This Article Is Based On The Research Paper 'Detecting Deepfakes with Self-Blended Images'. All Credit For This Research Goes To The Researchers Of This Paper 👏👏👏 Please Don't Forget To Join Our ML Subreddit
The Internet has been swamped with AI-powered facial image creation and modification in recent years. While applications like face-aging, sentiment-editing, and style-transfer might be entertaining for users, advanced image generation technologies are also being used maliciously to make deepfake images. Thanks to state-of-the-art models and tools, it has become increasingly easy to deceive even deepfake detection models.
In a new paper, A research team from the University of Tokyo has addressed this challenge of deepfake detection using Self-blended images (SBIs). This unique synthetic training data methodology outperforms state-of-the-art techniques on unseen manipulations.
The study aims to find statistical anomalies in deep fakes transmitted faces and backdrop image information. Their SBI strategy is based on learning more broad and robust representations to help classifiers learn more general and rarely recognized false data. SBI creates synthetic false samples with difficult-to-detect typical forging traces by blending fake source and target images from a single image. These samples will then be used to train more reliable detectors.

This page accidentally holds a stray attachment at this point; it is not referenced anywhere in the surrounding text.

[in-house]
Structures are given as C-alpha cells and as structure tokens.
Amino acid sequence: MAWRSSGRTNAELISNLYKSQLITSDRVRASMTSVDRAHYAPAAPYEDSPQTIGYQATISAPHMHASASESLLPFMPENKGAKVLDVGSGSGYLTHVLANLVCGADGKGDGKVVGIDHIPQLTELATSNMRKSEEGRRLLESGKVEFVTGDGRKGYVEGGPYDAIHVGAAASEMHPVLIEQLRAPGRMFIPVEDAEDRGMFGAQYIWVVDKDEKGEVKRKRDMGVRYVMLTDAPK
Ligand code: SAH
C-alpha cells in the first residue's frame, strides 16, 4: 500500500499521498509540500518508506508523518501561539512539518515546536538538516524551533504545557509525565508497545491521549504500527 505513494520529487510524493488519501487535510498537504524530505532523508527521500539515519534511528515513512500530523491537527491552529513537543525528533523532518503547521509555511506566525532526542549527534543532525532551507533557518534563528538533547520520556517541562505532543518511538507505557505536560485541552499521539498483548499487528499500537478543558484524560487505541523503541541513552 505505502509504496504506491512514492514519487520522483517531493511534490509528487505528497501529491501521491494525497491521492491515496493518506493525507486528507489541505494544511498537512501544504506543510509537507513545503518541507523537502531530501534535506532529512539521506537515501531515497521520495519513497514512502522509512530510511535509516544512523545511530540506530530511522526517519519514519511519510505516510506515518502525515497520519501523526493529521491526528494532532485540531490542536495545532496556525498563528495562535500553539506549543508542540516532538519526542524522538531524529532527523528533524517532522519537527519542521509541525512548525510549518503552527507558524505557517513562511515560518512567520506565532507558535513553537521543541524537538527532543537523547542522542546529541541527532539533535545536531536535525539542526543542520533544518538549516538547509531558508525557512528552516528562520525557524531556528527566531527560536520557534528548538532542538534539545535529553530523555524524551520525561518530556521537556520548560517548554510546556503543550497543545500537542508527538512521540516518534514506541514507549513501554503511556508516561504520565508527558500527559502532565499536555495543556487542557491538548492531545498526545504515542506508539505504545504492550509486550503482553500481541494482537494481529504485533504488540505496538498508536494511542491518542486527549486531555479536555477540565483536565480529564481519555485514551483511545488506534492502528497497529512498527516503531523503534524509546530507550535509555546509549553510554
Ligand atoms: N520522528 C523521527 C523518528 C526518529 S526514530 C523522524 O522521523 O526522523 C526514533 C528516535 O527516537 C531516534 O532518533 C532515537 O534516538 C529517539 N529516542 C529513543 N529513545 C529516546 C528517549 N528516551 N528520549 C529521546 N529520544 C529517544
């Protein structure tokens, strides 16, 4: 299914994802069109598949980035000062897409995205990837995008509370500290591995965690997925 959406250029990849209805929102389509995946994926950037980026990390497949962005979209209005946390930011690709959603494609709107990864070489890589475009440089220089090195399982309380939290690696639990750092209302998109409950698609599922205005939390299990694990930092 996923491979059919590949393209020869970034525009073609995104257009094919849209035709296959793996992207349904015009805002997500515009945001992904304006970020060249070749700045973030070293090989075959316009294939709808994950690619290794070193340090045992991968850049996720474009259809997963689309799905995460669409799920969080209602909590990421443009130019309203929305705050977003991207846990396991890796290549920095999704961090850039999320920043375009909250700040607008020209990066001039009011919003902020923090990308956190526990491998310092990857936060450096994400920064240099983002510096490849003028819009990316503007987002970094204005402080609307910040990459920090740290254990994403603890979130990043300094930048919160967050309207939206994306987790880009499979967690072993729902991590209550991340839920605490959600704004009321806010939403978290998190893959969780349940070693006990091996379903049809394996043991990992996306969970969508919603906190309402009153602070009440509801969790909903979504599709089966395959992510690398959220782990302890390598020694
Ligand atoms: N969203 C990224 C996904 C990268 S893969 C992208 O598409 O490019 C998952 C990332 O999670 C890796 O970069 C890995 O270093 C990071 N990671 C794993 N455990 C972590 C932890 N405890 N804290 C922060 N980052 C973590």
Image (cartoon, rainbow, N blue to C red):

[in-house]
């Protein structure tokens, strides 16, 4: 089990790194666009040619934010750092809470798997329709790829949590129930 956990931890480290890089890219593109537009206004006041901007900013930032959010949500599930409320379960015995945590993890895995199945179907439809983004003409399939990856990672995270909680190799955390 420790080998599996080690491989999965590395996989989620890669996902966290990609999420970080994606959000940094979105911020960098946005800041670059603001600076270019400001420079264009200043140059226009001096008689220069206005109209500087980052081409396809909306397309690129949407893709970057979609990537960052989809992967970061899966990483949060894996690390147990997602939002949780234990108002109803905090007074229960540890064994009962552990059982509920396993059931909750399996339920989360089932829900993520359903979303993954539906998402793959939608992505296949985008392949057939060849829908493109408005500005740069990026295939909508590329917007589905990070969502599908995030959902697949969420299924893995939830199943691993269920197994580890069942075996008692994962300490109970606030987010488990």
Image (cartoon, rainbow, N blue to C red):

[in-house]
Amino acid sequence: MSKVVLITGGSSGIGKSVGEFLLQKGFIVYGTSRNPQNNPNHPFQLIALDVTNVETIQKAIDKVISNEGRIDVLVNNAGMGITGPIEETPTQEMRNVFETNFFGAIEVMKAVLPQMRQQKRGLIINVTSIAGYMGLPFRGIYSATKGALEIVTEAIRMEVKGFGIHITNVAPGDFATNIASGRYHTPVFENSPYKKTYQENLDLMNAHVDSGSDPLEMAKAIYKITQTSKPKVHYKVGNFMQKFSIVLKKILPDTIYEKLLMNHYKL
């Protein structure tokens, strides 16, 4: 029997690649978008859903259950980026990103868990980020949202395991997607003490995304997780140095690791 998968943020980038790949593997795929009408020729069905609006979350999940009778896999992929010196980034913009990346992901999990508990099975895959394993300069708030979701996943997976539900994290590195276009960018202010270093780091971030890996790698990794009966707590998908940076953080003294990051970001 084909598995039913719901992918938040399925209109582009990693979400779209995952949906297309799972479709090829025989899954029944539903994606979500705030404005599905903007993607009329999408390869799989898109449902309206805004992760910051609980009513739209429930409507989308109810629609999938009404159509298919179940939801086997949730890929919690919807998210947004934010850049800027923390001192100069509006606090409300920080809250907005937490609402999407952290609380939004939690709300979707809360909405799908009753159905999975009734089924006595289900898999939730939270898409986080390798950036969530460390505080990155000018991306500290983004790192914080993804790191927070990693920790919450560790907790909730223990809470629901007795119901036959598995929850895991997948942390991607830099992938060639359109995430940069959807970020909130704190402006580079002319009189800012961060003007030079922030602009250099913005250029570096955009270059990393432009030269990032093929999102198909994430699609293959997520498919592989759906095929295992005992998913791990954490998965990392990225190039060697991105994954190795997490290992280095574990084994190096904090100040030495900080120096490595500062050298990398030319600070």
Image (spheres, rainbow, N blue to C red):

There are three primary steps in the SBI pipeline:
- A source-target generator creates false source and target images for blending.
- A mask generator creates a gray-scale deform mask image.
- The source and target images are mixed with the mask to produce an SBI.
On the FF++, CDF, DFDCP, DFDC, DFD, and FFIW datasets, the researchers compared their SBI technique to frame-level state-of-the-art detection methods like DSPFWA, Face X-ray, Local relation learning (LRL), FRDM, and Pair-wise self-consistency learning (PCL). They compared their model to video-level benchmarks like DAM (Discriminative attention models) and FTCN(Fully temporal convolution networks).
In cross-dataset evaluations on the DFDC and DFDCP datasets, the SBI strategy outperformed the baselines by 4.90 percent and 11.78 percent, respectively. Overall, the SBI synthetic training data technique outperforms state-of-the-art algorithms on previously unknown deepfake manipulations and scenes and can generalize throughout all network architectures and training datasets without significant performance degradation.